‘Adopted’ as a feeling is profoundly complex. Even in the absolute best of situations, an adoptee will feel ‘adopted’ at some points in their life. What this feeling means to each individual is completely relative and situational, and there is an almost infinite amount of variables. It can depend on whether they know or don’t know they are adopted, whether or not they have siblings who are biological children of their (adoptive) parents, if their parents are abusive, if they look nothing like their parents (or siblings), if they are of a different race than the rest of their family, etc. This is an isolating feeling and can come with an array of emotions, but even then, it is vastly different from a person making someone feel adopted.
It’s a wretched feeling when you are told you should be grateful that your parents saved you. When you are told you look so much like your parents – or when you’re told you don’t. Or that you’re lucky to have been adopted. When it’s your own parent(s) making you feel this way, it brings out a whole other can of worms. It completely changes how you grow and develop as a person. Your insecurities and confidence. Your mental health. Your everything.
We look up to our parents. How can we not, at least in the beginning years of our lives? They are our first teachers. They are the first people we get to know. They are supposed to protect us, love us unconditionally, keep us safe, teach us about the world, teach us how to survive and prosper. At least that’s what society believes. Unfortunately that is not the case more often than it is. Families are hard. Genetics are wild. Add adoption to the mix and you don’t know what you’re going to get. Add an abusive parent or two and you get a recipe for disaster.
My parents told me I was adopted from day one. I found out recently that it was part of the adoption agreement, in the paperwork, that they were to tell me about my adoption at an early age. When I was seven, I finally understood that I did not come from my mom’s body. From then on, I thought I was the bees knees. I thought it was so cool to be different this way, that I had something to share that was unique that most people I knew didn’t understand. Didn’t have. Couldn’t share. I told everyone who would listen, to the probable torment of my parents. I didn’t mean to hurt them, I just thought it was cool! Oddly enough, in the adoption group my mom started, we kids didn’t even talk about adoption. We just played with each other, like any normal kid on a giant playdate.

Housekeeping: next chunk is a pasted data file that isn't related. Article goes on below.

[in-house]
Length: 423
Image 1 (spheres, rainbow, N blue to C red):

I went through a phase of calling every woman I met in public ‘Mom’ even in front of my actual mom. I have no idea why, how old I was (pretty young, definitely below 10), or how long that lasted, but I know it bothered my mom greatly. If I think about it hard enough, the only answer I can come up with is maybe it had something to do with my birth mother. I knew none of them could be her as she lived in San Antonio, Texas, but I was a kid. I didn’t understand the impact that had on my mom. However, I still passionately believe that adopted kids should be told as early as they can speak.
Actions and words have consequences and can impact us. Hurt us. We have the power to let them affect us or not (which is in no way easy) but we are far more susceptible as kids to letting words and behaviors affect not only our emotions, but our development as well. Particularly from the people who raise us.
My mom was an incredible, passionate, loving, generous, and strong woman. We’ve had our fair share of fights but even at our worst, she never once threw my adoption in my face even though I did it to her. Yeah, I was one of those, “You’re not my real mom!” kids. Yikes. Even at our best, she never made me feel like I had to be grateful because of my adoption. She always made me feel so loved, so wanted. I have never had a single doubt in my mind about her, though test her I did. Subconsciously. This behavior is common among adoptees and is a way of, unknowingly, seeing how much they can get away with and if their mother will snap and leave one day. Or if she will stay. It’s a defense mechanism spawned from the beginnings of our lives when the first person we ever bonded with suddenly disappeared. It’s something many adoptees live with and causes abandonment issues. I didn’t discover this until long after she passed away, but we patched things between us long ago thankfully.
I have been cold to her, I have spoken cruel words, and I have lashed out. But she never once gave up on me. She has always had my back and has always been there for me, protecting me. My dad has, too, in a way that was uniquely his own, and yet a product of his own upbringing. I spent most of my life trying to make him proud, chasing something that was unattainable through the way I was doing it. He is proud of me, I know that now. I understand that he fully believed he was doing the best things for me, and we’ve had it out about this. I’ve stood my ground and explained everything, set boundaries, made things right. Sort of.
Adoption as a feeling is vast, deep, and dark.
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